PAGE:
Mulling it over 

Shawn Mullins
Photo: Michael Wilson

When a musician is widely known for one song and one song only, the relationship can be complicated.

Folk rocker Shawn Mullins’ Grammy-nominated track “Lullaby” was inescapable as soon as it debuted in 1998, and he hasn’t had another song approach that level of success ... but he loves the tune even after playing it nightly for 15 years.

“That song still pays my bills, and I have no problems with that,” he said. “I never really get tired of it. I don’t know why. I just always enjoy it.”

The ’90s brought its fair share of one-hit wonders, but thanks to reasonable expectations, Mullins has enjoyed a slow burn, whereas most of his peers long flamed out.

“Some of it is the ability to be OK with rising and falling. Some people, once they get to that level, it’s too difficult to watch it go away,” Mullins said.

“I love playing the small venues. I’m able to do that still, and I’m thankful for that. I keep looking forward. You try to make whatever you are doing now be the best thing you’ve ever done. The only thing that can keep you going is thinking you can do something better.”

And if you asked his fans, they’d say that he’s more than just “Lullaby.”

“Most of the people coming to my shows aren’t even there for that song,” Mullins said. “I expected that for a long time, but it’s evident now that the people who come out are there for more than that.”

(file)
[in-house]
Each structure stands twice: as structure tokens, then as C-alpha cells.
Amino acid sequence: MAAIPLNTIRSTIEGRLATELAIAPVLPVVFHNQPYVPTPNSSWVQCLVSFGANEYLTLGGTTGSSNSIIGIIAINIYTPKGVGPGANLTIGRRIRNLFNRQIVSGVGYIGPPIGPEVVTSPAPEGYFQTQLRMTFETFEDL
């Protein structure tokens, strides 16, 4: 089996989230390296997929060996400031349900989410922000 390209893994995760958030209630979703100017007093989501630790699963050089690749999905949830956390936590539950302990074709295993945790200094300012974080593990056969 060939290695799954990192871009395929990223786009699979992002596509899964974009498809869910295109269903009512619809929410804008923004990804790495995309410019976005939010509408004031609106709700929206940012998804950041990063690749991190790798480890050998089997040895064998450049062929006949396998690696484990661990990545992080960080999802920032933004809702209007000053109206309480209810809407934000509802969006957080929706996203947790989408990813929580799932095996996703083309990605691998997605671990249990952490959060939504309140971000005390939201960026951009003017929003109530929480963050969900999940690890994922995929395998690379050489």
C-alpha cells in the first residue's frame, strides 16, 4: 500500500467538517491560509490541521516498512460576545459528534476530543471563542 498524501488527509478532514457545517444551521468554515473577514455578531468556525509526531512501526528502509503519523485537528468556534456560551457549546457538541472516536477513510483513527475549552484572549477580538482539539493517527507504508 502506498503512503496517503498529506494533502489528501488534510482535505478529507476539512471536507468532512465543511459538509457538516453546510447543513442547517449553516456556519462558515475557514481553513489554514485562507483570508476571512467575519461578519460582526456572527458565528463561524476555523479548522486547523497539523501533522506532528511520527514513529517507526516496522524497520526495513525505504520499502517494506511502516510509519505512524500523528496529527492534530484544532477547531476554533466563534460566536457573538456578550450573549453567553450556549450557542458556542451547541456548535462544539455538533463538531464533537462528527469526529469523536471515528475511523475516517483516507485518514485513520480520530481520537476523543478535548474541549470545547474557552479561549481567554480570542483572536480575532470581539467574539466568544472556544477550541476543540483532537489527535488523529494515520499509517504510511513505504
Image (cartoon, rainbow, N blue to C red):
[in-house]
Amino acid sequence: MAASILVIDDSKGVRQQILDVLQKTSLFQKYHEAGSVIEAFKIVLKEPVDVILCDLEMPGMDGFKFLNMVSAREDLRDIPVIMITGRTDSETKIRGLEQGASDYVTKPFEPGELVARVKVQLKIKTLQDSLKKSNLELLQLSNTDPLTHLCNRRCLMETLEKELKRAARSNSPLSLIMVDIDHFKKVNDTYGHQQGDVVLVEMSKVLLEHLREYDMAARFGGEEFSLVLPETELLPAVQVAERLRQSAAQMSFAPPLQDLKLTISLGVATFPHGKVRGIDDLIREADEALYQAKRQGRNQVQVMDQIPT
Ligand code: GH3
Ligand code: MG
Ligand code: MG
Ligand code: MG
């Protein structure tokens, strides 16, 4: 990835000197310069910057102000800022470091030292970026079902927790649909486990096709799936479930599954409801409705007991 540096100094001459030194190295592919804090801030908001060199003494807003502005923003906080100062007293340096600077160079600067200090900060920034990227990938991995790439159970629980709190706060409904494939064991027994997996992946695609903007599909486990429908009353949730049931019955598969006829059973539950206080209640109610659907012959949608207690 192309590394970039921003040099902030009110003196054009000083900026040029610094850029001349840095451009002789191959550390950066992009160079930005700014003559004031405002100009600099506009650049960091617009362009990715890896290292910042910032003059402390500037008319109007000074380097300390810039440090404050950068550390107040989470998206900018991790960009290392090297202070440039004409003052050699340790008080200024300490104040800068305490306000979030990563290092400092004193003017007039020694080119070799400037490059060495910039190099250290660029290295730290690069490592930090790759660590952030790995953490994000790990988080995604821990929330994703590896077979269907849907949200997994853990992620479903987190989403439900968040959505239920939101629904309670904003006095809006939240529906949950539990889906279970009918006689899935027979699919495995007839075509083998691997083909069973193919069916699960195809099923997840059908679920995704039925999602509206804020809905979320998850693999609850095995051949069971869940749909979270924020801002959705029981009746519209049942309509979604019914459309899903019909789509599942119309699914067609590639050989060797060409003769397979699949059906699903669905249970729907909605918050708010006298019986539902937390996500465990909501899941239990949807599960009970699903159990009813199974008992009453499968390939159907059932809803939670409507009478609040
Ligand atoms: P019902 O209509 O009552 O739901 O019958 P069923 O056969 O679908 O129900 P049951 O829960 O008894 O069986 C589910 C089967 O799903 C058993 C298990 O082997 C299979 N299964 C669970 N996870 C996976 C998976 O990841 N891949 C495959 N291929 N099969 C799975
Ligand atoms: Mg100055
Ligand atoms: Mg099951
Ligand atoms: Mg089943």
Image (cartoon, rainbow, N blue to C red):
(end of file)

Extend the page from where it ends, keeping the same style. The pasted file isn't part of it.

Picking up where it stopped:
Mullins released one more major label album before making the jump to Vanguard Records, which has released his last three albums, including his latest, 2010’s Light You Up.

“We recorded it mostly live in a cabin I have in Georgia, but it doesn’t sound like that. It doesn’t sound like Fleet Foxes, all lo-fi by a cabin fire,” Mullins said. “We took the time to really set it up like you would a studio, but it still has that feel.”

He has been writing a follow-up, which he hopes to complete within a year’s time.

“I’m letting it come when it comes. I’m not going to force it,” he said. “I found that the times I do that, I don’t like what I come up with.”

Mullins doesn’t expect the album to give rise to another “Lullaby” or sell a million copies, but he doesn’t mind giving it a try, either.

“I’m competing with what I used to be,” he said. “That’s kind of fun.”

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